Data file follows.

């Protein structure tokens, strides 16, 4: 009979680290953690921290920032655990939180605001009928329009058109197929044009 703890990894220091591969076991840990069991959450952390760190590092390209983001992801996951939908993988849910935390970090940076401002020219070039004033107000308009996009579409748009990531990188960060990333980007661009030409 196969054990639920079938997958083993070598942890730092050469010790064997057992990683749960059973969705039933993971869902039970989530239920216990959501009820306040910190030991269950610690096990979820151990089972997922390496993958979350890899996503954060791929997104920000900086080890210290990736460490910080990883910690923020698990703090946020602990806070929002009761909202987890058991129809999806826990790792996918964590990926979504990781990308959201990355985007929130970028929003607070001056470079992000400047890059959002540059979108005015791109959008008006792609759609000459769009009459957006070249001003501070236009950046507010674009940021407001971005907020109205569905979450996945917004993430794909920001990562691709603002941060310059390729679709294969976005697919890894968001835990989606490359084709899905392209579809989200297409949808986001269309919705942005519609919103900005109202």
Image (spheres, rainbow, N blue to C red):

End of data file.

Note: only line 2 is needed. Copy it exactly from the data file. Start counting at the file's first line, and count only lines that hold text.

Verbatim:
Image (spheres, rainbow, N blue to C red):